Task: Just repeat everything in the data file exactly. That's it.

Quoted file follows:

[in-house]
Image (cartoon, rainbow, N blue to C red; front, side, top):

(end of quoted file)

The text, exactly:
[in-house]
Image (cartoon, rainbow, N blue to C red; front, side, top):